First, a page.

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Why Do Surgical “Never Events” Continue to Happen?

Dr. Ken Kizer, former CEO of the National Quality Forum (NQF), coined the term “Never Event” in 2001 to refer to medical errors that should never happen but do, alarmingly often. The surgical Never Events Dr. Kizer and his group cited were:

  • Surgery performed on the wrong body part
  • Surgery performed on the wrong patient
  • Wrong surgical procedure performed on a patient
  • Unintended retention of a foreign object in a patient after surgery
  • Intraoperative or immediately postoperative death of a normal, healthy patient

Since then, much study has gone into the problem of these events and potential reforms to hospital protocols that could eliminate them. Most recently, a Mayo Clinic study of 22,000 procedures identified 69 Never Events and 628 factors that contributed to them. The factors fit into four broad categories:

  • Organizational influences — Factors suggesting that the culture of the hospital allowed for errors
  • Oversight and supervisory factors — Inadequate supervision allowing an error to occur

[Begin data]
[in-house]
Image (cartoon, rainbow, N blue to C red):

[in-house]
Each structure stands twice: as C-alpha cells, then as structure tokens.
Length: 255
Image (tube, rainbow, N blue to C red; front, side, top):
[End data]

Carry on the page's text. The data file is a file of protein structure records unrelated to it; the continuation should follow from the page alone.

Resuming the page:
• Unsafe actions — The error itself
  • Preconditions for actions — The status of the surgical team prior to the procedure

The study showed that organization and supervision rarely played a role in the occurrence of Never Events. That may be due to the aggressive way many hospitals have addressed such events over the last decade on the systems level, creating and enforcing stricter surgical protocols. The study also indicated that the unsafe action rarely involved an outright violation of a standard protocol by a member of the surgical team. Rather, it involved cognitive errors and bad judgment, such as confirmation bias — an assumption that something must be okay because someone checked it.

What makes highly trained professionals vulnerable to confirmation bias? The answer may be in the fourth category. What is going on with the surgical team as they approach the procedure? Is everyone well rested? Are they confident? Do they trust each other? Do they communicate well? These very human factors seem to be why it has been so difficult to eliminate Never Events, and why that label may never be literally true.

A Never Event is always a sign of negligence. If you or a loved one has sustained an injury due to a surgical Never Event, contact an experienced medical malpractice attorney at Rudberg Law Offices, LLC.

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